KOREA: YouTube opens Korean site with dim outlook

Local competition and Internet censorship pose challenges for success of newly-launched Korean YouTube

The Korea Times
Wednesday, January 23, 2008

By Cho Jin-seo

YouTube opened a Korean-language version site Wednesday, joining the already jam-packed video-sharing Web service market in Korea.

The Korean YouTube site faces a daunting mission in competing against locally grown services from Daum, Pandora TV and Afreeca. Tricky censorship regulations and skeptical sentiment toward foreign Internet firms will also become a hurdle to success for the U.S.-based site in Korea.

"Korea has one of the fastest IT infrastructure in the world and the broadband penetration here is very high so YouTube will be able to fill the demand for videos," Sakina Arsiwala, the international manager of YouTube, said during a press conference in the Hotel Shilla in Seoul.

It is a belated arrival for YouTube in Korea, considering it is already operating localized services in 18 other nations. Google, which owns YouTube, has been cautious about expanding in Korea knowing that many other globally popular Web services of YouTube's caliber have failed to win over the Korean market.

Since the early days of the Internet boom in the late 1990s, Korean Internet users have shown a strong favor for locally grown sites. For example, Google and Yahoo respectively have less than 5 percent of the search-engine market share, while Korean search engines Naver, Daum, and Nate continue to prosper. Social-networking sites such as Facebook and MySpace have even weaker presences here though the latter hopes to open a Korean site in the first half of the year.

Recognizing the cultural and language barriers, YouTube's Arsiwala said that the Korean version will have locally-made content from seven local Internet, broadcasting and entertainment firms, including CJ Internet, TU Media and JYP Entertainment.

Localization, however, looks far from complete. On Wednesday afternoon, its front page of site carried more English- and Japanese-language videos than Korean ones.

Censorship is another critical issue that YouTube must solve. The Korean government enforces relatively strict guidelines for sexual, violent, or politically controversial contents on Web sites. So major local portals such as Naver and Daum employ several hundreds of monitors in Korea and in China who check all video and text content and filter inappropriate material 24 hours a day.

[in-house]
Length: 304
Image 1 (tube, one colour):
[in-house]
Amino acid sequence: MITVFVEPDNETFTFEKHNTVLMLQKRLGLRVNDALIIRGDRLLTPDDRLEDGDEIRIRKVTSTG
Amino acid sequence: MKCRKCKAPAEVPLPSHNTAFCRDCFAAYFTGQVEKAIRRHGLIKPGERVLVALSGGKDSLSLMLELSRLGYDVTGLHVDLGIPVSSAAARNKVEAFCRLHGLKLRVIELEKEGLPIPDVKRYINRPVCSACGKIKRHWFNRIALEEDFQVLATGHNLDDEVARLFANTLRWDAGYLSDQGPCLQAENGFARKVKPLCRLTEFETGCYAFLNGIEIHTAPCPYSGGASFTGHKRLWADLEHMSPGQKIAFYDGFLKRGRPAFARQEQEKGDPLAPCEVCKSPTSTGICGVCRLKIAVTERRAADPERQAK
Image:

YouTube's Arsiwala said Wednesday that the firm will do its best to comply with the Korean regulations. But there certainly will be loopholes because of the sheer amount of the videos uploaded onto the site -- Arsiwala says that YouTube sees about 10 hours of videos uploaded every minute.

The site already had clashes in other countries on the censorship issue. Most recently, the Turkish government last week blocked access to YouTube because of clips allegedly insulting the country's founding father Mustafa Kemal Ataturk, which is illegal there. China also temporarily blocked it last year due to the censorship of the Taiwanese flag.

YouTube was created in 2005, and was acquired by Google for $1.65 billion last year. It became famous in Korea in late 2006 when several overseas newspapers including the New York Times highlighted a young Korean guitarist who became a superstar with his YouTube video clip, which has been viewed more than 36 million times on the site.

Lim Jeong-hyun, the 23-year-old guitarist, said being a YouTube star was a pleasant experience.

"I went backpacking around Europe last year and played guitar on the street from time to time, and I was surprised that many people recognized me saying they had watched me on YouTube," he said at the press conference.